That’s some quality propagandising, Mr Wright. The Ministry of Truth would be proud.

I’ve already expended more time and energy on this post than was my original intention, but I can’t sign off without making note of Wright’s bizarrely gendered remarks on the difference between law and custom:

There are two ways for a sheep to be lead: one is by fear of the sheepdog, and the other is by following the sheep in front of him. The first is law and the second is custom.

Law is enforced by solemn ceremonies, oaths, judges in robes, policemen in uniforms, hangmen in hoods. It is objective, official, overt, masculine, and direct.

Custom is encouraged by countless social cues and expressions of peer pressure. It is subjective, informal, covert, feminine, and indirect.

In other words: Law, which is Masculine and Strong and Important and Upheld By Solemn Manly Male Officials, is Objectively Correct and Forthright, while Custom is all about silly stupid backstabbing bitchy girly stuff, and probably involves feelings. One would be hard-pressed to find a more smugly misogynistic division of social labours masquerading as objective logic, and yet, on the basis of everything else he’s said here, I guarantee that Wright would greet the mere suggestion of his possibly being even a teeny-weeny bit sexist, let alone misogynistic, with the sort of red-faced harrumphing outrage normally reserved for bull walruses in the mating season.

Walrus

So, in conclusion:

  • Silence and uproar are not synonyms;
  • Intellectual fearlessness is best exhibited through debate and criticism, not a failure to be offended;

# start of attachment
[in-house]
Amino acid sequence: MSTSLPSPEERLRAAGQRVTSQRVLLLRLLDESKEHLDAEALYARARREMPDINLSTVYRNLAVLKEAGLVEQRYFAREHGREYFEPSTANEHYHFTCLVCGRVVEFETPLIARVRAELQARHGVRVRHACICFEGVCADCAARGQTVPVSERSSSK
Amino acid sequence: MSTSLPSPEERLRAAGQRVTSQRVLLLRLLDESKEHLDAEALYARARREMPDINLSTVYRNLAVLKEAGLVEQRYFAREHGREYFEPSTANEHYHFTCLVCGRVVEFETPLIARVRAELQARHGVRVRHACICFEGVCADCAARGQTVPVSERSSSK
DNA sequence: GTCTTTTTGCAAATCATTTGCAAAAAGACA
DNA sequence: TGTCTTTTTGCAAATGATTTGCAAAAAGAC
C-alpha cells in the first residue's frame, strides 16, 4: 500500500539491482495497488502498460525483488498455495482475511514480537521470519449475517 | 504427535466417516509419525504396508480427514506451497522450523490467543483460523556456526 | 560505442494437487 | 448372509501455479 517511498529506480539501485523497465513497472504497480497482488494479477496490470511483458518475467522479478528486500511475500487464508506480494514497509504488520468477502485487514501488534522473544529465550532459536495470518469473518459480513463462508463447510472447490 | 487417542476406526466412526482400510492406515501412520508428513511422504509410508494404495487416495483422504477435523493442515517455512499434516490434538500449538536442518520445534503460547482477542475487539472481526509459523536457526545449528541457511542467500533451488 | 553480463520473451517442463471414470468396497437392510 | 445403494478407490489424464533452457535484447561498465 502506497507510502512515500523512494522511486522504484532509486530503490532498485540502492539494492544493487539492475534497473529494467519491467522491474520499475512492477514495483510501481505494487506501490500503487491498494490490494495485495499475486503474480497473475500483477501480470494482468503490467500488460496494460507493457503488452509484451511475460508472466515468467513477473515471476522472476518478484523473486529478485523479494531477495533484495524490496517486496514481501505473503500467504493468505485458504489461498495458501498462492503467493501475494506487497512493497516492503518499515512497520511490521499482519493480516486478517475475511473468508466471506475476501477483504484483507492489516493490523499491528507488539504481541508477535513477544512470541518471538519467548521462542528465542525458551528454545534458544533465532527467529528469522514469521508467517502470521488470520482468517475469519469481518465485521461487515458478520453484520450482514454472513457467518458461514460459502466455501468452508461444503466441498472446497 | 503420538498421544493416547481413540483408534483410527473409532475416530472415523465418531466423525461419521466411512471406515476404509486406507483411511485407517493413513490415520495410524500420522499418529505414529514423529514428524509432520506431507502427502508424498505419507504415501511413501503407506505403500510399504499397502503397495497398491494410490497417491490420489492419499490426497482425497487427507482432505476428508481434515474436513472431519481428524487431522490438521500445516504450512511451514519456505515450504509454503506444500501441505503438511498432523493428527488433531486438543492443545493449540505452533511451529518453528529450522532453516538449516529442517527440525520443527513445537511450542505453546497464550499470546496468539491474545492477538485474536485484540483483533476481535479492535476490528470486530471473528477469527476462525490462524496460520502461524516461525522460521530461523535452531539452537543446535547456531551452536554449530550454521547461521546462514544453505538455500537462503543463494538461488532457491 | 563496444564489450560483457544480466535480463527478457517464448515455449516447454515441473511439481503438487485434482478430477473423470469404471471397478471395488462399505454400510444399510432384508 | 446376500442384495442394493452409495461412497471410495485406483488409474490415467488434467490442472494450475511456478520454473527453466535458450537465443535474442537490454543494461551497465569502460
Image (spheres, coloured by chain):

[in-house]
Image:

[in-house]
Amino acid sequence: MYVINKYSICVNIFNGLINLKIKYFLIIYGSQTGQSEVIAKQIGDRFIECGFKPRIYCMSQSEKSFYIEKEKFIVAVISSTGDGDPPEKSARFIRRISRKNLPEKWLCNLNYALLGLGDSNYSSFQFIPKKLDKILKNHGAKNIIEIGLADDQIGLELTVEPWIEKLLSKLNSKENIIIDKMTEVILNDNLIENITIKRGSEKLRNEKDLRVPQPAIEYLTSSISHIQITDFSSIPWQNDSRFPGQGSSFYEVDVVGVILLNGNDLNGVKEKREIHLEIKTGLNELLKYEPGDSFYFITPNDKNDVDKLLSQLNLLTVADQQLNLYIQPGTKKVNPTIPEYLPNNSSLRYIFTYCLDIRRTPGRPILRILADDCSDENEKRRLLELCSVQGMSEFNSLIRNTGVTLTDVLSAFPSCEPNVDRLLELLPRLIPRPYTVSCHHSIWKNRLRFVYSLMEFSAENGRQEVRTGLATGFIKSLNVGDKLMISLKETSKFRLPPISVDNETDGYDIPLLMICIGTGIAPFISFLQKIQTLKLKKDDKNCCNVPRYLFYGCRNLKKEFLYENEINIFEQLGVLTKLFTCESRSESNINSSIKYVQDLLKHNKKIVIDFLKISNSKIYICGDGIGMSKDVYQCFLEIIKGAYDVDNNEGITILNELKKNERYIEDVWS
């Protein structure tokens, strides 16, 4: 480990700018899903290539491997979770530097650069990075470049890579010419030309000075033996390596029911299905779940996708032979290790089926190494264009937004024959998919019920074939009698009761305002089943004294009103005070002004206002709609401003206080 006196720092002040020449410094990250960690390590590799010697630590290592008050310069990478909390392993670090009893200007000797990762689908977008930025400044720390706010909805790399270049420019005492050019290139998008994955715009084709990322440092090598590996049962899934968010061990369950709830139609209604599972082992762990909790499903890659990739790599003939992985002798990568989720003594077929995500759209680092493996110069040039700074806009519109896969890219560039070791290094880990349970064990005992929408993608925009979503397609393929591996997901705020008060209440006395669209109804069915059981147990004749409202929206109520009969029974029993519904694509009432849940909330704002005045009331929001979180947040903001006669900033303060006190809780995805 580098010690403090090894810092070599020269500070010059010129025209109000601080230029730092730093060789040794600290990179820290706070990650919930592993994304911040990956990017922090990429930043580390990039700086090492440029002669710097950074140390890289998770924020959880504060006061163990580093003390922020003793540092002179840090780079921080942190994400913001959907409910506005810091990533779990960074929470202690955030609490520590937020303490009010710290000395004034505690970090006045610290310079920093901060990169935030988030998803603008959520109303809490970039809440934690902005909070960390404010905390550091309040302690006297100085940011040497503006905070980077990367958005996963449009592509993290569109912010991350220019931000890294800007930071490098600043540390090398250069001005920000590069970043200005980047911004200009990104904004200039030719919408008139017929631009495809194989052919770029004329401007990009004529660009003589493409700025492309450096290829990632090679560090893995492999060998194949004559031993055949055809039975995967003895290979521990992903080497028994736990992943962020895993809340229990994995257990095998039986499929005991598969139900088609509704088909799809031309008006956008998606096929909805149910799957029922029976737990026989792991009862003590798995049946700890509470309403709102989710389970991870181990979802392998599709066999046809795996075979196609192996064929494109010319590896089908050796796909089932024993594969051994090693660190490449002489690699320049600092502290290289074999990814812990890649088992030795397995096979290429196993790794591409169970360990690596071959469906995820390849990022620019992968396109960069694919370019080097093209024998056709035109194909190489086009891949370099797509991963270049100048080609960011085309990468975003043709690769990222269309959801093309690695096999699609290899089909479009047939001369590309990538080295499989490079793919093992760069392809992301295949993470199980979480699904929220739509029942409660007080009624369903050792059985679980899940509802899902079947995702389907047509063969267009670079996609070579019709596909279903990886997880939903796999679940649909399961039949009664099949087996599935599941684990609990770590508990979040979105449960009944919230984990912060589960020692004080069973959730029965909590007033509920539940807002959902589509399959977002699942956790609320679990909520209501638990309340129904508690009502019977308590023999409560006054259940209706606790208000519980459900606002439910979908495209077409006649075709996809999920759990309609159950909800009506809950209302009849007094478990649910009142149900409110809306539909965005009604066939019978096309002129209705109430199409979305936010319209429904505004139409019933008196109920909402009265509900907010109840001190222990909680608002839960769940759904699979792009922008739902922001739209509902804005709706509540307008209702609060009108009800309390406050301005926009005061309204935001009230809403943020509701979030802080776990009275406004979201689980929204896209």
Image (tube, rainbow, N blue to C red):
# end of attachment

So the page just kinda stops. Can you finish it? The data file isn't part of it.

• Claiming that Golden Age SFF was an oasis of liberty open to all people and perspectives doesn’t work when you simultaneously mention that there were no women because Historical Sexism and also filthy leftwingers are the devil; and
  • Accusing your interlocutors of stooping to Orwellian tactics while actively and obviously deploying Orwellian tactics yourself isn’t just hypocritical, but on the internet, where it’s really easy to look up what actually happened and notice how it differs in several crucial respects from what you claimed happened, it’s also extremely stupid.

THANK YOU AND GOOD NIGHT.

 

 

Hypothesis:

We have, as a society, such a completely disordered, distorted perception of female bodies that the vast majority of people are incapable of recognising what “overweight” actually looks like on a woman, let alone “healthy”. As such, we’re now at a point where women are not only raised to hate their bodies as a matter of course, but are shown, from childhood, a wholly inaccurate picture of what they “should” look like – a narrow, nigh on impossible physical standard they are then punished, both socially and medically, for failing to attain.

I don’t say this lightly. I say it because this is the only conclusion supported by the facts.

Let’s examine the evidence, shall we?

1: BMI

Overwhelmingly, the measurement used to determine whether or not someone is a “healthy weight” is the BMI, or Body Mass Index. Most people are still taught it in schools; indeed, it’s commonly used by doctors and in medical underwriting for insurance purposes,  and is also used by the WHO and various other official bodies, including many universities. It is, however, flawed to the point of uselessness – a fact acknowledged by the man who popularised its usage, Ansel Keys, who explicitly stated that it shouldn’t be used as a tool for individual diagnosis.